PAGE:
Screenwriter Dan O'Bannon has passed away. He was sixty-three.
O'Bannon first met John Carpenter when the two of them were students at the University of Southern California in the late 1960s. The two of them shot a 45-minute student film called "Dark Star," a comedic SF romp which won them acolades, and upon graduation they shot additional scenes to expand the film to (barely) feature length. From there he went on to work on Alejandro Jordowosky's increasingly psychotic version of "Dune," which would have featured Salvadore Dali as the Emperor. The project fell apart, and he went on to co-write "Alien" (1979) which re-used a number of comedic elements from Dark Star, but this time played for suspence instead of laughs. (He also borrowed heavily by his own admission from the B-Movie classic, "It: The Terror From Beyond Space.")
From that point on, his writing career was more-or-less assured and more-or-less consistently successful, working continuously in the SF, Horror, and Adventure genres. In the mid-'80s, he began directing as well. He wrote the screen adaptations for two separate Philip K. Dick stories, "Total Recall" and "Screamers," based on Dick's stories "We can Remember it for You Wholesale" and "Second Variety," respectively. He was rumored to be working on a prequel to Alien for Ridley Scott when he passed away.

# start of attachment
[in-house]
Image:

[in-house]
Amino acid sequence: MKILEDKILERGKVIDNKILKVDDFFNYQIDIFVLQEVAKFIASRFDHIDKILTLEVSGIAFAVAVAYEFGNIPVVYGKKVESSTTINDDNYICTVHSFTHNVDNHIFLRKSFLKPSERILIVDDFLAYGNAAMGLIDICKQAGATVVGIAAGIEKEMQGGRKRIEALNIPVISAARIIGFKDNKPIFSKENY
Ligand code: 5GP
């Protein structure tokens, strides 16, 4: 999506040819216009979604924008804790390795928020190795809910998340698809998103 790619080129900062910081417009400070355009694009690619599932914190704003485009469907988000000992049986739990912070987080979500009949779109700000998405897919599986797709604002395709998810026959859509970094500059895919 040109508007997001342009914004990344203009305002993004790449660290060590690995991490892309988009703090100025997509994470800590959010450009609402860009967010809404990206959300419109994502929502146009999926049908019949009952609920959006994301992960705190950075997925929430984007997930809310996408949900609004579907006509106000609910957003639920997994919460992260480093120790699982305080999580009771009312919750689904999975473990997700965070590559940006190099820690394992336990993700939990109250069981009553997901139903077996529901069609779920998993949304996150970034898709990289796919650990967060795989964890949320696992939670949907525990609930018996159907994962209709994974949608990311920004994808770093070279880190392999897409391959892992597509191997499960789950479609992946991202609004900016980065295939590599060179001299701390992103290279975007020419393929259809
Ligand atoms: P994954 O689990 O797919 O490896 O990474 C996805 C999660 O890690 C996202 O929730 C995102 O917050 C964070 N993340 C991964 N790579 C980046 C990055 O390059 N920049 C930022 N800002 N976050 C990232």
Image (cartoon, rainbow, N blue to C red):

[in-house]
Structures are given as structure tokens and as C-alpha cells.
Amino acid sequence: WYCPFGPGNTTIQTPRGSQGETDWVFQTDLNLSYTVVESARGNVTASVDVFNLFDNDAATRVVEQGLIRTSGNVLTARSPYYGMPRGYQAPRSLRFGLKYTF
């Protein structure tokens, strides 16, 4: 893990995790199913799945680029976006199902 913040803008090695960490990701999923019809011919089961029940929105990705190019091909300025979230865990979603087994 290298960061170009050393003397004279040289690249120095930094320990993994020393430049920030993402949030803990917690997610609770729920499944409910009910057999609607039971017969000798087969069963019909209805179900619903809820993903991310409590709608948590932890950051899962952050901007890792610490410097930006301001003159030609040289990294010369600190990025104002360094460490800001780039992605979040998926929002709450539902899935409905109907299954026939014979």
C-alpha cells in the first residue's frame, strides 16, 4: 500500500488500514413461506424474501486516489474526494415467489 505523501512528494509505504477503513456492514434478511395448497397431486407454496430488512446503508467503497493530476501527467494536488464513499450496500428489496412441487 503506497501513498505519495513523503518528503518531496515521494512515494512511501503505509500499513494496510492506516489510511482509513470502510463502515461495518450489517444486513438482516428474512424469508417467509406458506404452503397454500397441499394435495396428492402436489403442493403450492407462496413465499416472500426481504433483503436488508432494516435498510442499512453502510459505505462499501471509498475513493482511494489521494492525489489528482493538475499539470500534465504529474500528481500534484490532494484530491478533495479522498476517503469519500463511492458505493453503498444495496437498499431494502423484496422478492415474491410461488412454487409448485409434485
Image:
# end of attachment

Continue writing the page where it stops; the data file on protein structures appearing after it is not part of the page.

Cause of death has not been released.
Though not my favorite screenwriter by a longshot, I always looked forward to his films, and occasionally tended to find a synergy with directors and/or producers that - when it worked - really tended to make his stuff much, much better than it really had any right to be. I always looked forward to Dan O'Bannon movies, and I always watched 'em two or three times, even when they weren't any good. There was always something in there to grab you, something that stuck with you, something worth revisiting.
Our prayers go out for his soul, and for the family and friends he left behind.